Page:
Streamside Forest Buffers are Important for Water and Wildlife
Over one third of the land in the Chesapeake Bay watershed is either covered by development or agriculture. This poses obstacles to water quality in the form of nutrients, sediments, and other pollutants, but also to terrestrial wildlife that have little or no habitat in these settings. Trees planted along city streets and in suburban backyards may feel like a sort of coexistence with nature, but in reality these manicured settings provide habitat for very few native species. Farmland can also be deceptively “natural”; despite expansive hayfields and lush row crops, there are few places for wildlife to nest, raise young, or eat. Waist-high hay and six-foot-tall corn are eventually cut, leaving no cover for all but the smallest animals. Luckily, both water quality and wildlife habitat issues can be addressed with one management practice: buffering streams and water bodies with forest cover.
Healthy streams and watersheds rely on functional riparian forest corridors. A streamside forest will trap and filter nutrients and sediment from the uplands that would otherwise flow into the stream, and the overhanging tree canopy will cool down the water to make it suitable for trout and other native aquatic fauna. They can also be important for terrestrial wildlife, especially in landscapes dominated by agriculture or development. Stream corridors that hold trees, dense shrubs/saplings, and native herbaceous vegetation provide breeding, foraging, and escape cover for an array of upland and lowland wildlife species that would other have little to eat and no shelter from predators or the elements.
If you have existing forest cover around a stream, protecting and restoring it will be best for the water and wildlife. The width of buffer needed to improve water quality depends on the quality of the buffer and the adjacent land use, but 35 to 50 feet should be sufficient in most cases. A 50 foot buffer on either side of a stream will also be beneficial to many wildlife species such as deer, rabbits, woodcock, and pheasants, but many area-sensitive songbirds and other species require at least 150 feet of forest cover on each side.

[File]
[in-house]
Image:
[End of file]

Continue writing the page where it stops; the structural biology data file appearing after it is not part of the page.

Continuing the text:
In areas currently devoid of canopy cover, planting trees and shrubs may be necessary. Natural regeneration can successfully restore riparian corridors in some situations, but in predominately non-forested landscapes there are often either not enough seed sources or too much pressure from invasive vegetation that chokes out beneficial native species. Improvements in water quality require canopy cover to reduce water temperature and perennial vegetative cover to filter nutrients and sediment. Buffers can be improved for wildlife by planting diverse overstory species that provide food (oaks, blackgum, tulip-poplar, black cherry) and shrubs that provide dense cover and food to improve winter survival (alders, silky dogwood, red-osier dogwood, viburnums, ilexes). Additionally, consider pollinators when planting riparian buffers; in heavily developed and farmed landscapes these forests are often their only habitat as well. Pollinators require undisturbed soil and brush for nesting and nectar sources over the duration of the growing season. Consider the blooming period of trees and shrubs and try to ensure that there will be something flowering over as much of the year as possible, and avoid disturbing the herbaceous layer to encourage growth of native wildflowers such as ironweed, Joe-pye weed, and goldenrod.
Establishing a buffer by planting can be challenging, but there are many online resources and technical guidance to assist interested landowners. Visit forestsforthebay.org to see what assistance is available in your state or email me at firstname.lastname@example.org if you are interested in restoring streamside forests on your property.